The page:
suffer and so will Bolivia's economic and social growth.
Argument Two: Reduction of Foreign Direct Investment
Foreign Direct Investment (FDI) will be greatly reduced under this new policy of nationalization. A major
factor contributing to Bolivia's reduced FDI is the rise of volatility from nationalization. "Increased volatility
reduces the risk-adjusted-return on capital, and thus the overall growth" (Bolivia: Selected Issues Report
12). According to the World Bank, developing countries depend more on FDI than any other financing
methods. Therefore, FDI is essential for Bolivia's growth and emergence from poverty.
Prior to the May 1, 2006, decree, FDI was on the rise. Figure 3 shows a steady increase in FDI from 1995.
The hydrocarbon sector saw a huge influx of investment that exceeded $4 billion between 1997 and 2005
(Bolivia: Selected Issues Report 29). Krakowski claims that FDI in electricity, gas, and water sectors accumulated
to $27 billion in 1999 (1). This increase was largely due to the capitalization policy in 1994. This was considered
the "golden period" with above average growth (4). The economy was able to respond better to economic shocks
due to the influx of foreign investment. The nationalization policy has created an unattractive
investment environment where investors fear that the government will further nationalize its economy
Oil companies' investment strategies in the region have shifted. Petrobras, the largest oil company in Bolivia,
stands in strong opposition to the new policy. They have stated that "it will suspend investments in Bolivia and
begin to look elsewhere for natural gas" (Forero 1). As a result, Petrobras saw a sharp decline in its stock
price shortly after. Similarly, when Venezuela nationalized its oil industry, the country's stock exchange plunged
19% (Gaffen 1). Foreign firms are now hesitant to make new investments with the fear of their assets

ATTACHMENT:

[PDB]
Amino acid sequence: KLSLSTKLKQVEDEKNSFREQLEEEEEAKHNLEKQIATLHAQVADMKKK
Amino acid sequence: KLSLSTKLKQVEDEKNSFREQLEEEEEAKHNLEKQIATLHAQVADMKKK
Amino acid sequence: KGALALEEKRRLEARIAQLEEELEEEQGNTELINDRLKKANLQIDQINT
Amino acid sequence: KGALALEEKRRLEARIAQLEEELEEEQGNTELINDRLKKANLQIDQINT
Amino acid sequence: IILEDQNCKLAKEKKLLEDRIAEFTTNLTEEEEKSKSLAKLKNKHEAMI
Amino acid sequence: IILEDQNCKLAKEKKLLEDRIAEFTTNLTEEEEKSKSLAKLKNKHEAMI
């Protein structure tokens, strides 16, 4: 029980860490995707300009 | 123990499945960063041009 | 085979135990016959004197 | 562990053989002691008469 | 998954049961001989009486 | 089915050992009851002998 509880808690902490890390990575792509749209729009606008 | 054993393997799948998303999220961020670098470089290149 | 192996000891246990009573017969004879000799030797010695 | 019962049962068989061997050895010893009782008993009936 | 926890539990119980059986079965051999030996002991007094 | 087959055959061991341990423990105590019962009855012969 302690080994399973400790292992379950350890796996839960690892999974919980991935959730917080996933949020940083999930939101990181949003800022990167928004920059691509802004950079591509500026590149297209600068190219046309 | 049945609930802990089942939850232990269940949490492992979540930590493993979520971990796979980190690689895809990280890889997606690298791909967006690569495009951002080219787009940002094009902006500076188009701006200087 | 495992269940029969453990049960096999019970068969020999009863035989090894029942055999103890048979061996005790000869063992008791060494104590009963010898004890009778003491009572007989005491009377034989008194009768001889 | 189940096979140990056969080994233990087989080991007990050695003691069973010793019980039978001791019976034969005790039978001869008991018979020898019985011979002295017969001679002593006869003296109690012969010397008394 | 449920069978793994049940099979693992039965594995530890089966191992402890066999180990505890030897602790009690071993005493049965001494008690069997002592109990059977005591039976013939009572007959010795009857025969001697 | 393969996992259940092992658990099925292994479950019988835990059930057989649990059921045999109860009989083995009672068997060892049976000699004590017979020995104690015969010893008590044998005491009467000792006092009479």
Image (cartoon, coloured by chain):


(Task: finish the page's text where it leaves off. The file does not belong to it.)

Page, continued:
being nationalized. Bolivia's actions have been met with large opposition from foreign governments as well. The U.
S. denounced the new policy and has claimed that Bolivia must maintain open markets for economic growth.
Morales, along with Chavez, have long opposed the U.S.'s intervention in South America. This new policy is likely
to alienate Bolivia from the international market
Bolivia still remains a very difficult place to do business, especially with the radical policy change. The World
Bank ranks Bolivia 131 out of 175 countries, based on the ease of doing business. Bolivia dropped in ranking
from 126 in 2005 largely due to the new nationalization policy (Doing Business). The dependence on oil
will potentially cause appreciation of the currency and can be related to the previously mentioned "Dutch
Disease." The "Bolivia: Selected Issues Report" claims that Bolivia has failed to become competitive, ranking 101
out of 117 on its growth competitiveness index (64). The "United Nations Conference on Trade and
Development (UNCTAD) Brief", claims that
"changes in policy stance towards more control by the State and bigger government revenues in extractive
industries (e.g. in Bolivia) may have a chilling effect on investors. Moreover, high commodity prices and
resulting improvements in the current-account balance have led some local currencies to appreciate, making FDI
in export-oriented manufacturing less attractive" (1).
This will potentially reduce investment in Bolivia's manufacturing sector which is essential for economic growth.
The Bolivian government relies heavily on foreign aid to sustain its economy. Bolivia receives a tremendous
amount of aid from international institutions, such as the IMF, World Bank, and the U.S. government. However,
these institutions have re-evaluated their economic assistance programs since the adoption of nationalization.
Figure 4 shows World Bank commitments significantly dropping since the adoption of the new policy. This will
reduce funds in healthcare, education, and infrastructure improvement programs and will impede Bolivia's
economic growth and support (Bolivia Country Brief). The new policy has limited the government's access to
capital. They will now have to make up for these shortfalls with oil revenue.
Bolivia's reliance on oil will potentially leave the economy undiversified and stifle investment. This will have
a profound effect on the nation's debt levels. The country has been fortunate to receive debt reduction from the
IMF and the World Bank, but the country's current nationalization policy may counteract these reductions.